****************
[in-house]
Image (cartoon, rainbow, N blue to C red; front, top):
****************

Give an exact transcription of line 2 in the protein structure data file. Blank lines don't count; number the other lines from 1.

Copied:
Image (cartoon, rainbow, N blue to C red; front, top):